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Microbiology. 2000 Oct;146 ( Pt 10):2531-2541. doi: 10.1099/00221287-146-10-2531.

Pseudomonas aeruginosa mediated apoptosis requires the ADP-ribosylating activity of exoS.

Kaufman MR1, Jia J2,1, Zeng L2,1, Ha U2,1, Chow M1, Jin S2,1.

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Department of Microbiology and Immunology, University of Arkansas for Medical Sciences, Little Rock, AR 72205, USA1.
Department of Molecular Genetics and Microbiology, PO Box 100266, University of Florida, Gainesville, FL 32610, USA2.


Pseudomonas aeruginosa is an opportunistic bacterial pathogen that primarily infects immunocompromised individuals and patients with cystic fibrosis. Using a tissue culture system, invasive strains of P. aeruginosa were discovered to induce apoptosis at high frequency in HeLa and other epithelial and fibroblast cell lines. This apoptotic phenotype in the infected cells was determined by several criteria including (i) visual changes in cell morphology, (ii) induction of chromatin condensation and nuclear marginalization, (iii) the presence of a high percentage of cells with subG1 DNA content, and (iv) activation of caspase-3 activity. Induction of the type III secretion machinery, but not invasion of P. aeruginosa is required for induction of apoptosis. The apoptosis phenotype is independent of the cytoskeletal rearrangements that occur in the host cell early after infection. Mutants in P. aeruginosa exoS fail to induce apoptosis and complementation with wild-type exoS restored the apoptosis-inducing capacity, demonstrating that ExoS is the effector molecule. Analysis of exoS activity mutants shows that the ADP-ribosylating capacity of ExoS is essential for inducing the apoptotic pathway.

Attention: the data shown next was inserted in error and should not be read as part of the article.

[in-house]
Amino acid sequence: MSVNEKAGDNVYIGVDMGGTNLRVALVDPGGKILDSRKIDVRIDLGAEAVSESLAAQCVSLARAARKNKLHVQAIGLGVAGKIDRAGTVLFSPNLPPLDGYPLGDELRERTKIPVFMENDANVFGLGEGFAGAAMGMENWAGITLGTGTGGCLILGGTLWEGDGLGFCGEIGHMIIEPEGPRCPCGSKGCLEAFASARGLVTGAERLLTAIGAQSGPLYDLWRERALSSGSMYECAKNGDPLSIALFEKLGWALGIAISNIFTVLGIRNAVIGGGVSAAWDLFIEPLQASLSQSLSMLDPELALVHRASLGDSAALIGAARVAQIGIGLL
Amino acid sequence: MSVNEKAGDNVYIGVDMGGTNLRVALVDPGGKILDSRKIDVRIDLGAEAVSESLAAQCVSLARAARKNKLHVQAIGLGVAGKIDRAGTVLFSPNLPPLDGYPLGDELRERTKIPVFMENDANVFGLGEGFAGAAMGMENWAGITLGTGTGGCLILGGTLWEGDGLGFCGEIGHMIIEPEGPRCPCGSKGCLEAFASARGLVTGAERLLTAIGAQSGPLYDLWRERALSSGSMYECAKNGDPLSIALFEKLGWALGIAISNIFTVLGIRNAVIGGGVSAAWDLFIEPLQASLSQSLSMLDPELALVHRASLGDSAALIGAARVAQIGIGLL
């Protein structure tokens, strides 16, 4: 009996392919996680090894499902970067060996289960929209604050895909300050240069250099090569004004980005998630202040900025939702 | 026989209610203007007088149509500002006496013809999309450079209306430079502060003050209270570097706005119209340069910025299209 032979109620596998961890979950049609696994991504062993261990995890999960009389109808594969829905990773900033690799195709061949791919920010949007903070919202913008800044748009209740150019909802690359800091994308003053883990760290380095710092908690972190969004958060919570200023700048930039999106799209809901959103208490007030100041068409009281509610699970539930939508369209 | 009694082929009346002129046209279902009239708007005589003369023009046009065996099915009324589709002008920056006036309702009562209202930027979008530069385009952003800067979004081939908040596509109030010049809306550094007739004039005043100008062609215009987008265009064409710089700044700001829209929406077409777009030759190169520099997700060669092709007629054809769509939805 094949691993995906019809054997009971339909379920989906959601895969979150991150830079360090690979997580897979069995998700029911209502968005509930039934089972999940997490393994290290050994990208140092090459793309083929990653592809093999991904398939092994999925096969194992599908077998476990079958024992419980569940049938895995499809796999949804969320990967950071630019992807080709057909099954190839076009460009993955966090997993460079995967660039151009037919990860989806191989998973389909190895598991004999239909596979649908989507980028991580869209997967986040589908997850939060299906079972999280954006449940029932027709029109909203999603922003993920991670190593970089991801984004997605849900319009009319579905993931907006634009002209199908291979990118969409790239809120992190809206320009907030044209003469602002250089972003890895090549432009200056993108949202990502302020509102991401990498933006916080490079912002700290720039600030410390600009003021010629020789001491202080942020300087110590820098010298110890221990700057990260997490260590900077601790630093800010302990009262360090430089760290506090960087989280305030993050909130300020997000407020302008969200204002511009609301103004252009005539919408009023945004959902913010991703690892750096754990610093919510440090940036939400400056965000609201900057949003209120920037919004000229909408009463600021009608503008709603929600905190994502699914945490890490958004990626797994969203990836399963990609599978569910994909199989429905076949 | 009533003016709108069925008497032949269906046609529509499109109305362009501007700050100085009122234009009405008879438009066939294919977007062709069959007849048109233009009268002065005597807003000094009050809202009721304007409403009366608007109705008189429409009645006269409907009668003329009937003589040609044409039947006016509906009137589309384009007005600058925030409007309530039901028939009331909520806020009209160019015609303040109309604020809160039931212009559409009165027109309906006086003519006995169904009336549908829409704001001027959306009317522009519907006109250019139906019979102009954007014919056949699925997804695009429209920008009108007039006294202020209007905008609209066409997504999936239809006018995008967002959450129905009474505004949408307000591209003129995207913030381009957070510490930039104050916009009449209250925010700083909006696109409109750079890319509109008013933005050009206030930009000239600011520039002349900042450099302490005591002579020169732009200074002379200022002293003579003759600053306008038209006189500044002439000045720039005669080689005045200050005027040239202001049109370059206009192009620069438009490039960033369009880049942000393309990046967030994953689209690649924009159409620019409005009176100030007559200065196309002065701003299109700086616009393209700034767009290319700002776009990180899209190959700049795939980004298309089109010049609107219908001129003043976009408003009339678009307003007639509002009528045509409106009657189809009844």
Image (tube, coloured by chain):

[Indexed for MEDLINE]

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